McLaren's Lewis Hamilton suffered racist abuse from Spanish Formula One supporters in China last year as well as at the recent Barcelona test, the head of the sport's governing body revealed on Sunday.
International Automobile Federation (FIA) president Max Mosley told Britain's Sunday Times newspaper that he had been told by Hamilton's father of incidents at the Chinese Grand Prix in Shanghai last October.
"Anthony Hamilton told me that there were some people in China who were also appallingly abusive; not Chinese fans, but people who had travelled from Spain," he said.
The FIA warned Spanish circuits and the Spanish authorities after Hamilton was insulted by the crowd at the Circuit de Catalunya this month that the country risked being stripped of its races if such behaviour continued.
Mosley reminded Spanish fans that they too could be punished.
"If they went to Australia and did something like that, they could get arrested and we would know their names and passport numbers and they wouldn't get into another country," he said.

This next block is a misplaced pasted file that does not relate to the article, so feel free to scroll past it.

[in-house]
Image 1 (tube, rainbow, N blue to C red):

"We will do everything we can to stamp this out, we will do whatever it takes.
"If, as appears to be the case, a very small number of people are involved, it ought to be possible to stop it immediately," he added.
"If it isn't, then we have sanctions and we could pull the Grand Prix."
A spokesman for the FIA said the governing body was developing an anti-racism campaign which it planned to roll out early in the season, which starts in Australia on March 16.
A likely launch date would be the Spanish Grand Prix in Barcelona in April.
Hamilton, the sport's first black driver, has become a hate figure in Spain because of his rivalry with former McLaren teammate and double world champion Spaniard Fernando Alonso, who now drives for Renault.
Alonso complained last season that McLaren were favouring the 22-year-old rookie, who finished overall runner-up to Ferrari's Kimi Raikkonen in a sensational debut season.
Mosley was shocked that racism should hit Formula One, saying it went against the whole ethos of the sport.
"One of the things that most attracted me to motorsport was that nobody cared about your background, race, gender or religion; the only thing that mattered was how quick you were," said the Briton, whose father Oswald was leader of the pre-war British Union of Fascists.
"In that respect, it has always brought competitors and supporters from different countries together without a hint of trouble."